Plutarch, the Platonist philosopher and priest of Apollo at Delphi, is the most prolific and erudite Greek author with an enormous oeuvre covering issues ranging from history and biography through natural sciences and art to ethics and theology. During his stay in Rome Plutarch wrote lives of illustrious Greeks and Romans and expressed in some of them his view of religion and God (Romulus, Numa, Cicero). The seminar will have a special focus on these Lives together with Roman Questions and other writings discussing matters of religion and theology.Condividi questa pagina
Plutarch, the Platonist philosopher and priest of Apollo at Delphi, is the most prolific and erudite Greek author with an enormous oeuvre covering issues ranging from history and biography through natural sciences and art to ethics and theology. During his stay in Rome Plutarch wrote lives of illustrious Greeks and Romans and expressed in some of them his view of religion and God (Romulus, Numa, Cicero). The seminar will have a special focus on these Lives together with Roman Questions and other writings discussing matters of religion and theology. Plutarch discussed religious traditions from various cultural backgrounds (Greek and Roman, but also Egyptian, Indian, Persian) as leading to what he called a “mystery-like theology”, to the truth about the divine. In the seminar, we will discuss Plutarch’s attitude towards the traditions of lived religion, their hermeneutics and philosophical theology (polylatric monotheism). Further, we will follow the receptions of Plutarch’s thought in the Church fathers and throughout western philosophical and ethical tradition.
The method adopted in the course will be a close reading of some crucial passages from selected works of Plutarch on Roman and Egyptian religions, Judaism, religious imagery and divination at Delphi, the role of theology in philosophical arguments, polylatric monotheism, and more. The close reading will be accompanied by literary, philosophical and theological interpretation.
Target group and prerequisites
The course is open to a maximum of 10 selected participants. The course is intended for (R)MA students (MA and Research MA) as well as PhD students.
The target group of the course are students in Classics, Religious Studies, Theology, Philosophy, Ancient History, or similar fields, enrolled in one of KNIR partner universities in the Netherlands (RU, RUG, UL, UU, UvA, VU). International students can be admitted to the course but may be asked a tuition fee, please contact KNIR before applying.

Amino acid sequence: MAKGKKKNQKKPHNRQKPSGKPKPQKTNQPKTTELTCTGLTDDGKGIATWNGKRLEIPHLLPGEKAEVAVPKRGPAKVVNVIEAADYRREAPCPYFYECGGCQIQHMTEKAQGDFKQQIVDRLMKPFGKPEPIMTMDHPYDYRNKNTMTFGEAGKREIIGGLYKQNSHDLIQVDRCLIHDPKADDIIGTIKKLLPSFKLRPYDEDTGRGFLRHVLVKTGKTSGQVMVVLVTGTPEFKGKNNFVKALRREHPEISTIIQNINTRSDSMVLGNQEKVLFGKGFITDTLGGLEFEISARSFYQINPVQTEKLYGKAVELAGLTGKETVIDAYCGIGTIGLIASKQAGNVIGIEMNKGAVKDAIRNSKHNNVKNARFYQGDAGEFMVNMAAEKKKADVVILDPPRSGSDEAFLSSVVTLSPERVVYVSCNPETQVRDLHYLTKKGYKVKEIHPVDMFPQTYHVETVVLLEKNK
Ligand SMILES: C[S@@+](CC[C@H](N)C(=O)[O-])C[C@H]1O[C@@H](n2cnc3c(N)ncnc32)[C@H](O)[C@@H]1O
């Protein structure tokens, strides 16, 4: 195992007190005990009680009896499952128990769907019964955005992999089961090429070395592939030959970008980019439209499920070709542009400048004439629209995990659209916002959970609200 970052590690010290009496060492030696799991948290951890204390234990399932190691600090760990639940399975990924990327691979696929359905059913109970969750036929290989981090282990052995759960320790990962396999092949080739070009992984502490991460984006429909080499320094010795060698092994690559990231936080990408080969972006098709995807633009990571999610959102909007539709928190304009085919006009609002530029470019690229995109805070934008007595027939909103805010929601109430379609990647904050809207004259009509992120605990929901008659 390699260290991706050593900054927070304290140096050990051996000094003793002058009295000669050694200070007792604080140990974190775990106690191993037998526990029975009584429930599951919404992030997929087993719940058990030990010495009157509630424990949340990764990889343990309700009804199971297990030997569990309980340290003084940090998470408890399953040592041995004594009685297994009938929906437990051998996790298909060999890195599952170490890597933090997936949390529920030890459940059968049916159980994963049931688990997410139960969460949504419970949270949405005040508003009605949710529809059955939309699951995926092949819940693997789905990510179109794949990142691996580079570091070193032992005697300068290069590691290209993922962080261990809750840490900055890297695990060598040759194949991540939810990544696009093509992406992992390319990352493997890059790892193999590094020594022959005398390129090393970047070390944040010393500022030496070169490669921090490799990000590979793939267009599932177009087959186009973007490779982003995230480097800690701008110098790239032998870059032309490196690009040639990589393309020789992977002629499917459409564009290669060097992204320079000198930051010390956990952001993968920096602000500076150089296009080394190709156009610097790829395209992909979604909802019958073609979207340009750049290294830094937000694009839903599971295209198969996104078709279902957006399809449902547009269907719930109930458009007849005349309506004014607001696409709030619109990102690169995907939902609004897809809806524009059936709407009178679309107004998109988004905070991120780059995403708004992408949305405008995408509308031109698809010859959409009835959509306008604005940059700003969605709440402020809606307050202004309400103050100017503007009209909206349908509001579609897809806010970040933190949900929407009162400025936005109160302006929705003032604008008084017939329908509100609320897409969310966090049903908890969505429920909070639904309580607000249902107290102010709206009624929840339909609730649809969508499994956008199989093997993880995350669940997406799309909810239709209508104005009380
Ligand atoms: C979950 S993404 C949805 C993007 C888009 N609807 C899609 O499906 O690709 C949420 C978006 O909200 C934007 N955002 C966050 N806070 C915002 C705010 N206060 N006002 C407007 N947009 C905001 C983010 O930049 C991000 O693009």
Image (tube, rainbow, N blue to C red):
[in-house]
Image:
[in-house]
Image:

A reader of the most important texts in Greek with English translation will be provided in advance (online)
Course format and assignments
The course is organized by and hosted at the Royal Netherlands Institute in Rome (KNIR). It consists of a 5 days intensive seminar period in Rome, with lectures, discussions and excursions. During the seminar, each participant delivers an oral presentation on a topic of their choice. Before the seminar students will be assigned a text of Plutarch relevant for the topic of their oral presentation as well as some preparatory reading. They will also be assigned a concluding essay (6.000 words), deadline 15 March 2021.
Credits and assessment
The study load is the equivalent of 4 ECTS Each student should arrange with his/her home coordinator whether the course can be a part of the existing curriculum. After successful completion of the course the KNIR provides a certificate mentioning study load and evaluation.
The study load is based on:
a) Before the seminar in Rome, independent study of course material and preparatory assignment: 1 ECTS;
b) Intensive seminar in Rome (5 days): active participation, oral presentation and essay proposal: 2 ECTS;
c) After the seminar: essay of 6.000 words: 1 ECTS.
Assessment takes place on the basis of preparatory assignment, based on the study of course material (10%), active participation and on-site presentation (40%), and the concluding essay (50%).
Facilities in Rome
All participants will be housed at the Royal Netherlands Institute in Rome’s Villa Borghese Park. From there, it is only a short walk to the historical center of Rome. The KNIR accommodation consists of shared bedrooms and bathrooms, and includes a living and dining space, a large kitchen, washing machine and wireless internet.* All residents have 24/7 access to the library and gardens of the Royal Netherlands Institute.
* The KNIR accommodations comply with all safety and health requirements, also in light of COVID-19.